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Run Like Holly

Run Like Holly

I had just finished reminding my children to be careful with my cousin’s beagle Holly. She has some spinal issues that give her pain once in a while. We’re used to being rough and tumble with our ornery Shih Tzus, but around Holly, we aim for being more delicate.

Imagine my surprise when, outside, Holly suddenly took off in a beagle dash across the side yard, giving chase like there’s no tomorrow.

I got the distinct feeling she was giving us her best, showing us what she could do, impressing us.

How does a fragile dog suddenly pick herself up and run like a strong, youthful puppy?

Motivation. Who is she running for?

Where does she get the sudden strength when she’s otherwise a bit weak?

That’s an interesting question, isn’t it?

How about you? Who are you running for?

What motivates you to be your very best?

Like Holly, I’ve been a bit Read the rest of this entry »

 

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Removing Unwanted Layers

Removing Unwanted LayersIn light of the recent “National Dog Day,” I was reflecting on my newly shorn Shih Tzu Samson. Like his namesake in the Bible (Judges 13-16), he is strong and very hairy.

(If you’re not a dog fan, hang in there…I’m going somewhere with this—and as a sidenote, how can you not be a dog fan? Wink.)

My daughter and I spent an hour and a half one day out in a doggie-gated area of our backyard taking the clippers to our resident fuzzball. It was mother-daughter bonding time: many laughs over our mild-mannered but fed-up Samson. He was mostly patient as we practiced our haircutting skills, trimmed a little more beard here and there, gave him a manly tail shape, and assessed where we missed and he still looked a bit shaggy.

But under all that hair was a robust dog, strong and youthful, playful and now much cooler. Our home isn’t air-conditioned, so I could almost see Samson breathe a huge sigh of relief, pant a little less, and feel a bit more spry with the weight of his “wool” off. He looked like a lamb, fresh from the shearing.

Oh, Samson, Buddy! We forgot how unencumbered you are without the heavy weight of your hair! How free! How cool! How lovely!

I thought about myself and others carrying around burdens. Maybe you are too. I considered what we look like—even feel like—when we take a few layers off, when we start stripping off the layers of worry and care.

Granted, we cannot always do that. We all have responsibilities and commitments, right? We can’t simply “drop hair” like Samson and now run about footloose and fancy free in the yard.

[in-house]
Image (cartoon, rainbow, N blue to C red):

Or can we? Read the rest of this entry »

 

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From Lighthouse to Lighthouse: Facing Fears and Trusting God

From Lighthouse to LighthouseSince our return to the Boston area in 2009, every other year my family vacations in a different Canadian province. We started off at a KOA cabin near Niagara Falls, then two years later spent a few days in Québec City, and this year we are in a tiny cottage on Covehead Bay, which is fed by the Gulf of St. Lawrence in the beautiful Maritime province of Prince Edward Island. Currently, we are looking for Anne of Green Gables.

Board games, bike rides, drives through potato farmland marveling at old countryside churches, grilling steak tips, and walking long trails with the dogs are how we unwind. Vacations don’t have to be frantic, expensive, or fast-food unhealthy. I’m so glad we made a deliberate choice to get our serenity on and breathe in the salty Atlantic water as we walk around the bay.

This week has been a time of getting reacquainted with the kids, reminding them we are more than just taxi drivers, moneylenders, and activity cheerleaders. The best of ourselves is reinvesting in the best of ourselves. It’s so good to replenish and fill up again. I hear that still, small voice whispering into my heart lessons to take away from breathing in deeply and not being busy.

And sometimes, it’s when we’re in vacation mode that we feel freer to Read the rest of this entry »

 

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Licking Laptops—and Other Things in Our Way

Licking Laptops—Nothing quite says “laptop” like the local coffeehouse. It’s one of my favorite places to flip that puppy open and work on social media marketing, read articles about the publishing industry, check out a new profile on LinkedIn, or pin that recipe. I’ll admit, when I’m “taxi parent,” I flip it open more frequently at the karate dojo, in the car outside the dance studio, or at the occupational therapist’s office waiting on my son.

But I was at home one day when I started settling into a good writing groove in my favorite-and-very-old IKEA chair, feet propped up on the ottoman. Suddenly, I heard some slurpy noises. As I peered around the screen of my laptop, it turns out that the Almighty Glowing Apple was getting a good lick on the other side of my creative mind flow.

I hadn’t even noticed my Shih Tzu Delilah by my feet showing her puppy affection for my MacBook Pro. She has a way of claiming space on the ottoman like a stealth fighter pilot. (Meanwhile, her brother Samson was on his bed, as usual, sending peaceful snores into the air to a rhythm that sounds so much like “Billy Jean” that I keep looking for the trademark white glove. Pretty sure I saw him slide backward with each snuffle, though.)

My dogs would lick every inch of our arms, faces, feet, etc., if we let them. There are several different reasons why dogs lick. I think my dogs primarily show affection that way.

But, why, oh why, did my 12-pound Shih Tzu lick my laptop?

Read the rest of this entry »

 

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Frazzled and Faith-Tested? Let Me Introduce You to Grace

Frazzled and Faith-Tested-Let Me Introduce You to Grace

Do you see that?

Hear that?

Sense that?

People are watching us. They want to see how we do this whole life thing with faith in Christ.

Will we slip up? Will we yell at God? Will we forget what the cross was for?